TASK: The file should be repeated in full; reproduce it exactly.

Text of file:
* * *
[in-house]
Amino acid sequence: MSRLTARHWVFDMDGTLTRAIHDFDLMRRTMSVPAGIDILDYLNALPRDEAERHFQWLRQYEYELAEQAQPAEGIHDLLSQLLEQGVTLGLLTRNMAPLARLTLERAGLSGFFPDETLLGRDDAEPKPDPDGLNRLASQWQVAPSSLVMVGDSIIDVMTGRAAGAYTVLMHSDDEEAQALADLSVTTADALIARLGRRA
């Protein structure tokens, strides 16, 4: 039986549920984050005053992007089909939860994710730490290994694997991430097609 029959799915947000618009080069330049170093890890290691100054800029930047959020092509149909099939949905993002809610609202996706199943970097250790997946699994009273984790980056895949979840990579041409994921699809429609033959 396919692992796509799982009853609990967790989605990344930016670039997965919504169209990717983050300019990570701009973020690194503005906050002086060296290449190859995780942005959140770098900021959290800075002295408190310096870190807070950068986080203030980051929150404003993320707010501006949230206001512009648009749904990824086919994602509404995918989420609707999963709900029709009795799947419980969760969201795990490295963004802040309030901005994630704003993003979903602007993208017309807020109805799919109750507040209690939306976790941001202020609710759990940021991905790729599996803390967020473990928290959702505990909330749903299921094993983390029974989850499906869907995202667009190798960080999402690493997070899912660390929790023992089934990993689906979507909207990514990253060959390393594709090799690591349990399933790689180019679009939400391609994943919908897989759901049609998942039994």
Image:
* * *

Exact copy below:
[in-house]
Amino acid sequence: MSRLTARHWVFDMDGTLTRAIHDFDLMRRTMSVPAGIDILDYLNALPRDEAERHFQWLRQYEYELAEQAQPAEGIHDLLSQLLEQGVTLGLLTRNMAPLARLTLERAGLSGFFPDETLLGRDDAEPKPDPDGLNRLASQWQVAPSSLVMVGDSIIDVMTGRAAGAYTVLMHSDDEEAQALADLSVTTADALIARLGRRA
């Protein structure tokens, strides 16, 4: 039986549920984050005053992007089909939860994710730490290994694997991430097609 029959799915947000618009080069330049170093890890290691100054800029930047959020092509149909099939949905993002809610609202996706199943970097250790997946699994009273984790980056895949979840990579041409994921699809429609033959 396919692992796509799982009853609990967790989605990344930016670039997965919504169209990717983050300019990570701009973020690194503005906050002086060296290449190859995780942005959140770098900021959290800075002295408190310096870190807070950068986080203030980051929150404003993320707010501006949230206001512009648009749904990824086919994602509404995918989420609707999963709900029709009795799947419980969760969201795990490295963004802040309030901005994630704003993003979903602007993208017309807020109805799919109750507040209690939306976790941001202020609710759990940021991905790729599996803390967020473990928290959702505990909330749903299921094993983390029974989850499906869907995202667009190798960080999402690493997070899912660390929790023992089934990993689906979507909207990514990253060959390393594709090799690591349990399933790689180019679009939400391609994943919908897989759901049609998942039994």
Image: